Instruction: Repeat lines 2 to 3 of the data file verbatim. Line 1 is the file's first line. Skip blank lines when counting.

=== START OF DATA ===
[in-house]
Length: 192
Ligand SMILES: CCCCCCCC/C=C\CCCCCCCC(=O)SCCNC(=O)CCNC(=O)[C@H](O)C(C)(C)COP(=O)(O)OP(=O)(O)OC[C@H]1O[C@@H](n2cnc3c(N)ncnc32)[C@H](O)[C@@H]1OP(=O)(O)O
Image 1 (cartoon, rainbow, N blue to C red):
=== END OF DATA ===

Length: 192
Ligand SMILES: CCCCCCCC/C=C\CCCCCCCC(=O)SCCNC(=O)CCNC(=O)[C@H](O)C(C)(C)COP(=O)(O)OP(=O)(O)OC[C@H]1O[C@@H](n2cnc3c(N)ncnc32)[C@H](O)[C@@H]1OP(=O)(O)O